Tuesday, 4 February 2020

Ignorant Cognition

Today's post is by Selene Arfini, post doctoral researcher in the Computational Philosophy Laboratory at the Department of Humanities, Philosophy Section at the University of Pavia. She presents her recently published book, Ignorant Cognition: A Philosophical Investigation of the Cognitive Features of Not-Knowing (Springer 2019).




Ignorance, considered without further specifications, is a broad and strange concept. In a way, it is easy to analyze ignorance as something that does not really affect the agent's knowledge: we know A and we are ignorant of B, but the two things are not necessarily related. In another way, we need to face phenomena as misinformation, a highly recognizable form of ignorance that cannot be represented as unaffecting the knowledge of the agent since it has an impact on her/his belief system and understanding.


On the one hand, we instinctively frown upon ignorance if we believe it is purposefully cultivated. On the other hand, we know that we are bound to be ignorant of something: since we cannot know everything, we must rely on others for the expertise we are not able to get in our finite time. Ignorance traditionally bears a negative mark that makes us associate it with fake news, misinformation, and irrational beliefs. At the same time, it can also be associated with an investigative mindset: doubting, researching, and guessing are all ways to acknowledge and take advantage of one's ignorance.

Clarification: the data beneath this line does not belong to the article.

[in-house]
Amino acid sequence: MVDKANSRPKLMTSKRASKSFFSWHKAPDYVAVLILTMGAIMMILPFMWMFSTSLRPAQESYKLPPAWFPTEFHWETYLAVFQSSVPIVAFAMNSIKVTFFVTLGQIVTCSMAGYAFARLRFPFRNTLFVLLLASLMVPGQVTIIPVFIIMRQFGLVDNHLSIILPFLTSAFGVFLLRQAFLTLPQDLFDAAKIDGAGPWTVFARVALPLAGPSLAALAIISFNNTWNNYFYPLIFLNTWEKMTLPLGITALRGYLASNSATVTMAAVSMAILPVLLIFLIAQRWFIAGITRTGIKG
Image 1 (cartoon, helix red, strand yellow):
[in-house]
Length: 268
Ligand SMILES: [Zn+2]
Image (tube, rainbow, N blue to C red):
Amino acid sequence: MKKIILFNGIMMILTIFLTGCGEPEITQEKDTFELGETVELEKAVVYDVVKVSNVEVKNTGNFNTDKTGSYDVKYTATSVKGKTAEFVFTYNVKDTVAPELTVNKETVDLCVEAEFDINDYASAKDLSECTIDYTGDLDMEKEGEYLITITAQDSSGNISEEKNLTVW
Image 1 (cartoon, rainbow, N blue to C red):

To study ignorance, thus, one needs to choose either one of two strategies: to focus on one aspect or definition, or to approach ignorance as a broad concept, acknowledging its clashing traits and its wide theoretical range. The book Ignorant Cognition aims at following the second solution and at comprehending the fundamental characteristics of ignorance as a cognitively rich term. Indeed, by defying the need for one-line definitions (that necessarily exclude some facets of this concept), the book approaches ignorance as a broad notion that refers to a plurality of cognitively rich phenomena. In particular, the book focuses on three ways ignorance is impactful on the cognition of the human agent.

First, ignorance is taken as a critical element to consider when analyzing the metacognitive capabilities of the subject. So, the first question the book aimed at addressing was: what role does ignorance play when we measure the depth of our doubts, the validity of our knowledge, or the righteousness of our actions?

Second, the book also approaches ignorance as a necessary ground for knowledge. Heuristic reasoning, hypothetical thinking, model-making, and other fruitful cognitive activities need to make use of the agent's ignorance to produce data, learning, and understanding. Following these considerations, it is natural to ask: How these cognitive activities deal with ignorance? Do they eliminate, manage, or preserve it?

A third approach to understanding the cognitive impact of ignorance was highly related to its negative mark as a common-sense word. Ignorance is usually considered dangerous because it does not only affect isolated individuals, but it can also spread and circulate in communities and groups. How does this circulation happen? What are the rules of ignorance-spreading, and how does it affect the social dimensions and possibilities of one's cognition?

Of course, even after addressing these primary questions, the research around the concept of ignorance and its cognitive impact is far from complete. Nevertheless, I believe that by adopting a pragmatical and comprehensive approach to face its complexity, the epistemological study of ignorance will more easily develop new materials, hypotheses, and theories to understand and bridge its fascinating clashing traits.

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